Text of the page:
On October 28, 2006, our family was made complete with the addition of our daughter, Mary. A true third child, Mary was by far the easiest baby of all three children. We dragged her from soccer, to dance class, to kindergarten performances. She was a very content baby, and she would willingly roll along with little fuss.
It wasn’t until Mary was nine months old that we decided to see our pediatrician about the continued small “twitches” we noticed Mary was experiencing. It was then that our doctor brought to our attention several developmental milestones that our content little girl was also missing. The “twitches” and the missed milestones – she couldn’t yet sit up or hold a cup – we learned constituted a “constellation of symptoms” indicating a far bigger concern.
We quickly learned that Mary’s “twitches” were in fact Myoclonic Seizures and after many, many tests she was diagnosed with a probable unidentified Mitochondrial Disease. Immediately she began working with an early interventionist along with physical, occupational, and speech therapies to try to ward off any further developmental delay. All while experimenting with multiple medications to try to stop the seizures that were continuing to cause more damage to her developing brain.
Over time Mary’s development slightly progressed to that of about a two-year old child, but her seizures got progressively worse. She began to have multiple types of seizures daily. These seizures were very violent and life threatening and the doctors could not figure out how to stop them. We traveled around the country seeing specialists, and trying experimental medicines, and special diets, but nothing seems to stop the seizures.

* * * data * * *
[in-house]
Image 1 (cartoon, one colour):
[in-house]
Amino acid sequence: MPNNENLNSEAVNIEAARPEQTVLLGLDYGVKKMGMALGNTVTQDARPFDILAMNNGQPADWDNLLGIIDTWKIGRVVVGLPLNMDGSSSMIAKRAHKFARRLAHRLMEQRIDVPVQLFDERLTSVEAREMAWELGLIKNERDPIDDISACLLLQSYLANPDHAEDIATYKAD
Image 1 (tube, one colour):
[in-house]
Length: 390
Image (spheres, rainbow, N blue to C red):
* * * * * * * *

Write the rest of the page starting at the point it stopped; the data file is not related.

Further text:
Mary’s local neurologist, Dr. Morales, was absolutely amazing. He walked with us through this dark time reaching out to other doctors for answers, recommending places to go and treatments to try that might give Mary’s brain a much-needed reprieve from the continuous seizure activity. One of the doctors he had us meet was Dr. Neena Champaigne at the Greenwood Genetics Center. The team there ran various genetic panels for common seizure disorders, however, none provided any answers. We were finally convinced to run a full genetic exome sequencing. Through this testing, it was discovered that Mary had a very rare, yet to be named, Epilepsy disorder caused by a variation in a recently identified gene – CUX2. The GGC matched Mary’s gene variation up with 9 other children who all presented just like Mary and all who had successfully been able to stop their seizures with a medication we had not yet tried.
Today Mary is 15 years old and almost SIX years seizure free thanks to the perseverance of Dr. Morales and Dr. Champaigne. Her development remains that of a nonverbal two-year old. She goes to school at the Washington Center, she loves to swim, ride in the car, and watch the Backyardigans.
Mary has transformed our family beyond belief. Our journey thus far has brought us many challenges, but it has also brought us great JOY! Humbly we will tell you that Mary’s older sister, Emma, and older brother, Sam, are two of the most amazing humans you will ever know. We truly believe they are these people because they were raised in a family with a special needs child. We are further humbled by the fact that God chose us to be the family for this amazing child and it is truly an honor.
One recent Halloween we were sitting on our front porch handing out candy. Mary was in her push chair watching the Backyardigans on her hand-held player. A little girl came up on the porch and was looking intently at Mary. The child then looked at us and asked, “Is she special?”. “Well, yes she is”, we replied. The little girl’s face lit up with the biggest smile and she declared, “We’ve got one, too!”. The pure joy and pleasure this little girl felt over the unique gift we all shared were evident. She knew what we know: that we all in fact were the special ones because we each had someone like Mary in our lives.